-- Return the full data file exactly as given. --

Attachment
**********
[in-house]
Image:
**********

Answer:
[in-house]
Image: